Sunday, March 4, 2018

The Bond Verdict: And my personal favorite James Bond film ever is…

Recently I had some brief but unexpected additional free time, so among many other things I decided to catch up on my movie library (there were quite a few films I hadn’t watched since I got them long ago). 
Among these was my 2012 issued 50th Anniversary James Bond BluRay collectors’ edition. It includes all official Bond Films (with the exception of Skyfall and Spectre, which I bought at a later date, and the unofficial Never Say Never Again -a Thunderball remake starring Sean Connery).
Before I write down my choice, here are some caveats for anyone who decides to do the same exercise:
You have to watch these taking into consideration the time period when they were made: Dr. No, for example, was the granddaddy of the modern era spy action films, so there are a lot of elements that now might seem clichéd, but were quite revolutionary for its time (so much so that it did launch one of the longest-running movie franchises).
Technical issues should not be considered. There was a lot of green screen and very evident stunt-double work on the first films which were standard moviemaking at the time. Also, each film represents a time period and reflects that period’s sensibilities.
Taking all that into consideration, my very personal opinion comes from the level of enjoyment each film gave as a movie (interesting characters, engaging acting, humor, drama, provocative scenes, exciting action, interesting gadgets, eye catching locations…)
So, drumroll please… my favorite all-time Bond film is:
Yup. Skyfall: it has everything you want from a Bond film: great acting, a spectacular opening sequence, a truly engaging story (it feels very personal for the characters, and the stakes are high in many levels), a memorable villain (Javier Bardem’s sinister baddie is one of, if not the, best), exciting action, surprising twists, eye popping locations (the neon lit scenes in Shanghai and the Casino in Macau really stand out, but the more quiet scenes with the Scottish landscapes as backdrop near the end are breathtaking), the iconic Aston Martin, beautiful women, one of the best Bond theme songs ever –performed by Adele-… it truly is a tight piece, not only as a Bond vehicle, but as a film in general. Also, it’s the first one where the classic Bond elements come together after Daniel Craig took over and the franchise was rebooted.

Everyone knows I’m a huge Sean Connery fan and I thoroughly enjoyed all his Bond films (Goldfinger is my second favorite in the series and probably the most iconic spy genre film ever), but I liked him even better in his later, post-Bond performances.

Just a quick note to mention that it’s impressive how they managed to sustain this franchise for so many years… watching the behind-the-scenes featurettes it’s evident they were aware they needed to keep revamping the character very early on (this, and the promise of how the new Bond girl would be an equal match to Bond, were staples of most of these interviews). Also, the painstaking process of choosing every actor for each time period is evident. Connery, Lazenby (yeah, even him), Roger Moore, Timothy Dalton, Pierce Brosnan and Daniel Craig were all inspired casting decisions. They are all effective and did an adequate job in the vehicles they were given.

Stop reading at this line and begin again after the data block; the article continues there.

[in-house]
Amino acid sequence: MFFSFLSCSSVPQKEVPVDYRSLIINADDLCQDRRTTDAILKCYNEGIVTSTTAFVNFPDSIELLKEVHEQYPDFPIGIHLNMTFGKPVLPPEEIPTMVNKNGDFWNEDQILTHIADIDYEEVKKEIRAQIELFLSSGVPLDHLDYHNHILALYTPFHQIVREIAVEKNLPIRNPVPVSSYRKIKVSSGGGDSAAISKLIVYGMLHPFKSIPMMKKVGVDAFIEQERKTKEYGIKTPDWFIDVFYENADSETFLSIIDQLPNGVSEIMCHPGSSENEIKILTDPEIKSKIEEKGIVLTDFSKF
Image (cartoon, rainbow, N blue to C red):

But yes, Connery and Daniel Craig stand out from the pack as the most accomplished and believable (if such a thing is possible) Bonds.

So there you go. To each his own. And for me Skyfall is the best Bond movie ever.

Bond will surely be back (and hopefully, so will I).

Friday, October 13, 2017

The character sex-change, white washing issue

Maybe it’s because I was born and raised in Mexico, but there’s been an interesting phenomenon in the media (mostly in the US) that I can’t but marvel at, due to the apparent complexities and cultural ramifications.

I’ll try to make my case without being insensitive or offensive, however I believe I need to give a bit of background information on my upbringing just to clarify where this is all coming from:

I’m a gen-Xer through and through. I was born and raised in the seventies, while my teens took place through the 80’s.

I grew up watching, among many other things, Warner Bros cartoons with abundant racial stereotypes that would seem unthinkable under today’s political correctness’ standards: there were slow-talking black skinned manservants and cannibals, bucktoothed and spectacled oriental characters, and Mexicans (yeah, that’s us) portrayed as lazy zarape-wearing, sombreroed smartasses who spent the day sitting next to a cactus in the company of a donkey.
I was also blessed growing up right after the worst part of the human rights movements, which made it possible to enjoy a wide variety of shows that made it a point to be inclusive, without forcing themselves into being so: Star Trek, Sesame Street, Fat Albert, The Jeffersons, Different Strokes, Ultraman, Cometo-san, The Cosby Show (yeah, that one's made a horrible turn recently), A Different World, Arsenio Hall...
Last night I re-watched the 1973 James Bond film Live and Let Die, and was amazed at the black and redneck stereotypes portrayed, but back in the day we didn’t give a second thought about it; it was, like all James Bond films of the time, a caricature of their era.